Sunday, February 28, 2016

Risen, a unique take on the resurrection

What if somebody, a skeptic, tried to find out what really happened to Jesus’ body in the days and weeks following the discovery of the empty tomb? That’s the premise of the new movie Risen.

[Spoiler alert!]

Pontius Pilate tasks Clavius, a Roman tribune (upper class military officer), with tracking down the body of Jesus after two guards claim his disciples overpowered them and stole it in the night. Clavius should be able to identify the body since he was present at the crucifixion. However, something doesn’t add up in the guards’ stories, and he suspects the Jewish religious leaders are trying to cover up the truth. After tracking down Joseph of Arimathea, Mary Magdalene, and others, Clavius ultimately finds himself facing the undeniable truth that Jesus truly did rise from the dead.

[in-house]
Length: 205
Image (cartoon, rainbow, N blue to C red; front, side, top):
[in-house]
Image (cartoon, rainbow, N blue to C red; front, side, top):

The film has a lot going for it. Many Christians were disappointed with how Noah and Exodus: Gods and Kings changed the Bible stories they were based on, going so far as to promote agendas wholly opposed to the Bible’s teachings. Because Risen focuses on a non-biblical character, the movie was free to be more creative and keep the audience guessing without altering the Bible story nearly as much (though alter it they did—more on that in a minute). This take on the Easter story felt fresh. To see Clavius turning things over in his mind while scouring the empty tomb was exciting because I knew he wasn’t looking at it as the scene of the resurrection, but the scene of a crime. The filmmakers show Pontius Pilate washing his hands while essentially saying the truth about what happened to Jesus’ body was irrelevant, a visual allusion to his actions prior to the crucifixion—brilliant. The best part for me was when Clavius bursts into the room where the disciples are hiding, expecting to catch those responsible for removing Jesus’ body. As he scans the room, his eyes fix on the figure in the middle, and it’s the same man he saw dead, hanging on a cross. Clavius is so overwhelmed by shock that he has to back out of the room. In virtually every other film where Jesus appears after the resurrection shock gives way to joy. Seeing the shock and confusion linger was the most visually satisfying moment of the film.